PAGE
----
[tor-dev] Extending BridgeDB to reallocate bridges from a blocked country to others that do not block.

Aaron aagbsn at extc.org
Sun Jan 15 17:34:49 UTC 2012

The following is a draft proposal of changes to BridgeDB to address
the deliverable
"Automated bridge allocation to reallocate bridges from a blocked
country to others that do not block"

This draft proposes two different approaches -- any feedback or
questions are very welcome!


Filename: xxx-bridgedb-reallocates-bridges.txt
Title: BridgeDB Reallocates Bridges
Author: Aaron Gibson
Created: 15 Jan 2015
Status: Draft


 This proposal outlines the required changes for BridgeDB to reallocate bridges
 from a blocked country to others that do not block.

Current Status:

  Presently, BridgeDB does not allocate bridges to specific countries. The
  HTTPS distributor divides bridges into a cluster of rings. Requests for
  bridges are mapped to a single ring in the cluster using the class C network
  of the client, so that the IPv4 space is divided amongst the rings in the
  cluster (presently 4 rings). For an attacker to obtain the complete set of
  bridges she must control a number of IP addresses in diverse networks. The
  email based distributor uses a single ring, and bridge buckets are dumped
  from a single pool of unallocated bridges.

Required modifications:

  1. BridgeDB must be able to produce an unblocked set of bridges for a
     specific country, if these bridges are available.

  2. If a bridge is blocked in a country, it must be available to users in
     other countries.

  BridgeDB could be modified to assign bridges to geographic regions. To do so,
  the cluster concept must be extended to support 'geographic clusters' of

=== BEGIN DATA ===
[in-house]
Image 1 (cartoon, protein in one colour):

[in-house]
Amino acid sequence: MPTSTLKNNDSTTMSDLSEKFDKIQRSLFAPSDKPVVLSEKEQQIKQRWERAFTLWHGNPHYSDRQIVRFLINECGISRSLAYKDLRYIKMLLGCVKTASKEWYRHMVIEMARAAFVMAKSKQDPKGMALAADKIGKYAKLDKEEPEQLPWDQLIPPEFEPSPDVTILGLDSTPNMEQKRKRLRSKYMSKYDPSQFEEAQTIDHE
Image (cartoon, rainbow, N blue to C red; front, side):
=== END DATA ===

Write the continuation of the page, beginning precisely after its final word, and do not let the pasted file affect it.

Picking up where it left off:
bridges that correspond to a set of country codes, so that requests will be
  directed to a corresponding cluster, by either automatic geoip detection or
  by client choice.

  Alternately, BridgeDB could be modified to guarantee that a client requesting
  unblocked bridges for a region would receive these bridges, if unblocked
  bridges exist. Presently, patches exist for BridgeDB that mark known blocked
  bridges as "Might be blocked", but makes no further effort to respond with
  unblocked bridges, even if those bridges exist.

Proposed Solution 1

  Modify BridgeDB to assign bridges to geographic regions. Regions are
  designated by a list of country codes.  Regions should be balanced in size,
  or proportional to the number of bridge users. If a bridge is blocked in a
  region, the bridge should be reallocated to another region. Bridges for a
  region are stored in a cluster of rings.


  Bridges assigned to one geographic area are not available to clients
  requesting bridges from other regions.

Possible Solution 2

  Modify BridgeDB to dynamically produce rings of bridges 'Not blocked in' a
  specified country. Bridges are not mapped to a specific country or region,
  but BridgeDB's response would contain only unblocked bridges (if available).


  As bridges are not allocated to a specific region, bridges could not be
  reserved for distribution to specific regions.

Common pitfalls

  As BridgeDB learns about blocked bridges that it may no longer provide,
  BridgeDB replaces blocked bridges with good bridges. An attacker with control
  over addresses from many class C networks could iteratively request and block
  bridges, until the entire set has been consumed. The rate of consumption
  could be limited by the rate that blocked bridges are updated, but clients
  would be more likely to receive a bridge that has been blocked.

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